While it’s always nice to provide sources, it’s not like all of these claims can’t be VERY EASILY…
Jeremy Bachelor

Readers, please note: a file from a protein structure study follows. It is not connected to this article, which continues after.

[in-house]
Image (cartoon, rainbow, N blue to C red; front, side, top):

Actually, it’s EXACTLY like these claims can’t be “VERY EASILY searched on Google and immediately proven true” — however, many (most? all?) can be very easily searched and proven misleading at best and outright FALSE at worst. But not everyone has 40-hour days to fact-check a 10,000-word tome. You would think a busy Wall Street hedge fund lawyer, of all people, would understand that and know how to back up their argument with some evidence (ie. links) — or at least provide even a few as a courtesy to their readers. A brief opinion piece might be one thing, but this is something entirely different. So, just to get the ball rolling, below is a link (or two) that directly refutes her very first attempt at a salient point: “First, I researched…I looked at analyses on left-leaning blogs that have long advocated for universal health care to see what they thought, sites I respect and whose authors I have relied on for years for their basic objectivity within their admitted points of view. And I could find none who believed Sanders’ numbers added up.” Really? Then she’s either a moron who doesn’t know how to use the internet or a disingenuous hack trying to mislead people. Or both. Because the very people who have been advocating for universal healthcare beg to differ. This is the tip of a very large iceberg of misleading smears. But, hey, what else is a “non-hit-piece hit piece” released on the eve of the most consequential primary by someone who gets paid to defend the very institutions that crashed the economy in 2008 for?